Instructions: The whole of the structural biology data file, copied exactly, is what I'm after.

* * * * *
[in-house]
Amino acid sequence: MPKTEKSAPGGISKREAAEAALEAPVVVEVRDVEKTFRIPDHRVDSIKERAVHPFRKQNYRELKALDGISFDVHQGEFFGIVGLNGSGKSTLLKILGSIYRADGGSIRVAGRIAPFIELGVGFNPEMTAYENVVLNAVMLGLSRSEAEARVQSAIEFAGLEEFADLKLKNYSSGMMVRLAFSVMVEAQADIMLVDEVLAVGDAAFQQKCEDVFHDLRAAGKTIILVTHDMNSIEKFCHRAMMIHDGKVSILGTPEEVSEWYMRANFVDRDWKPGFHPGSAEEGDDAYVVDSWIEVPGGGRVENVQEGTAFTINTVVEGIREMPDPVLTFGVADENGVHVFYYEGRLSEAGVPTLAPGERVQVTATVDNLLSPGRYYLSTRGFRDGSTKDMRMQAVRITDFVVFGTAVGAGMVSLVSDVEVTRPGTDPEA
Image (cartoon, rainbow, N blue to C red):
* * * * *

[in-house]
Amino acid sequence: MPKTEKSAPGGISKREAAEAALEAPVVVEVRDVEKTFRIPDHRVDSIKERAVHPFRKQNYRELKALDGISFDVHQGEFFGIVGLNGSGKSTLLKILGSIYRADGGSIRVAGRIAPFIELGVGFNPEMTAYENVVLNAVMLGLSRSEAEARVQSAIEFAGLEEFADLKLKNYSSGMMVRLAFSVMVEAQADIMLVDEVLAVGDAAFQQKCEDVFHDLRAAGKTIILVTHDMNSIEKFCHRAMMIHDGKVSILGTPEEVSEWYMRANFVDRDWKPGFHPGSAEEGDDAYVVDSWIEVPGGGRVENVQEGTAFTINTVVEGIREMPDPVLTFGVADENGVHVFYYEGRLSEAGVPTLAPGERVQVTATVDNLLSPGRYYLSTRGFRDGSTKDMRMQAVRITDFVVFGTAVGAGMVSLVSDVEVTRPGTDPEA
Image (cartoon, rainbow, N blue to C red):